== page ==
The Federalist Radio Hour rounds up the expert legal and sports opinions of Bill James, Ilya Shapiro, and ESPN reporter David Purdum.
The Supreme Court effectively repealed the Second Amendment in District of Columbia v. Heller by restricting the amendment to common arms.
On the cases with less political valence the justices can ‘nerd out’ on legal theories and reveal their jurisprudential minds when they know their decisions won’t make the front pages.
On Thursday, a federal district court judge upheld Massachusetts’ ‘assault-weapon’ ban.
SCOTUS reporter Kevin Daley joins the Federalist Radio Hour to talk all the latest court and justice stories including #FreeAdnan, the NIFLA case, and more.
How many Supreme Court justices have to publicly support repeal of the Second Amendment for gun owners to take them seriously without ridicule?
Based on oral arguments, even the liberal justices didn’t like a law that discriminates against pro-life pregnancy clinics.
A powerful amicus brief seeks to bring humanity to a complex legal question about free speech overlaid with the also-controversial issue of abortion.
If stripping unions of the ability to coerce workers is a crippling event, then it’s an event worth celebrating.
“Janus v. AFSME” is a case about restoring workers’ first amendment rights. Dan DiSalvo joins Federalist Radio to discuss the power and money unions hold.
The justices shouldn’t extend law enforcement’s reach beyond our borders. More importantly, Congress needs to update a 30-year-old law for the digital age.
While there is always a risk of reading too much into Supreme Court justices’ questions during oral argument, there is often much to be gleaned.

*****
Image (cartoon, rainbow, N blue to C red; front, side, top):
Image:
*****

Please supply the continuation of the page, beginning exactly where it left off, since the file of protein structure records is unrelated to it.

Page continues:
Except for justices Kagan and Ginzburg, an uneasiness about the case was evident to a greater and lesser degree among the other 7 Supreme Court justices.
If I encountered an individual morally uncomfortable with participating in an activity with me and my boyfriend, it would be uncomfortable for me to force her.
The case involves sports betting in New Jersey, of all things, and it could have ramifications for the regulation of everything from marijuana and guns to immigration and health care.
A recent development challenges the ACLU’s narrative that the Justice Department acted improvidently in filing a petition about a foreign minor who demanded a U.S. abortion.
Should government be able to seize your smartphone and other private digital information without a warrant and use it against you?
The silence of the Supreme Court in denying review in Kolbe v. Hogan signaled the justices’ capitulation to the tyranny of pundits, politicians, and a small but vocal populace.
The Supreme Court has been gun-shy for the past few years, but Silvester v. Becerra may finally help move the courts toward competent Second Amendment decisions.
A long-fought battle to keep the Golden State from forcing its pro-life citizens to choose between obeying conscience or the law of the land is on its way to Washington DC for a final decision.
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